Comerica Economic Weekly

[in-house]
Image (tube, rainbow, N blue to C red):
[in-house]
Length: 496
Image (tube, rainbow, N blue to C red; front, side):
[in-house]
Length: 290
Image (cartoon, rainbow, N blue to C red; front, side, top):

Payroll job growth in June was again disappointing at just 80,000, and the unemployment rate was unchanged at 8.2 percent. Several factors have been blamed for the now four-month slowdown in hiring, including: (1) favorable weather early in the year which pulled economic activity forward, (2) high gasoline prices earlier in the year, (3) a weaker global macroeconomic environment with Europe in crisis and Asia cooler, (4) the approaching Fiscal Cliff, and (5) a structural change in labor market dynamics.  It is impossible to say definitively which factor or factors are holding down job growth, but it is fair to say that it looks like a little bit of everything. The danger that the U.S. economy now faces is a loss of momentum in the parts of the economy that have been noticeably improving, namely, energy, manufacturing, residential real estate, and automotive. While the likelihood of a collapse in demand for these sectors now looks small, the prospects for ongoing strong growth are fading. So far, lack of hiring has not evolved into broad-based firing, but the longer we have weak hiring the more likely it is that we will see more firing. Auto sales remain above their recession lows, but have not improved since the end of 2011. June auto sales increased to a 14.1 million unit annual rate, up from May’s 13.7 million unit rate, but remain just below this January’s 14.2 million unit rate. The non-manufacturing economy of the U.S. is still expanding, but at a slower rate, as shown by the ISM Non-Manufacturing Survey for June, which showed the non-manufacturing index falling to 52.1 percent, still positive but trending down from February’s recent peak. The ISM’s Manufacturing Index for June fell into contraction territory, just below 50.0 percent, to 49.7 percent. Total construction spending in May increased by 0.9 percent, boosted by gains in private residential activity. Public construction spending is winding down as fiscal stimulus fades. Given the headwinds from Europe and Asia, and the approaching Fiscal Cliff, plus the loss of momentum within the U.S. economy, it looks like the rest of this year will feel like more of the same…a sluggish march toward the Fiscal Cliff.

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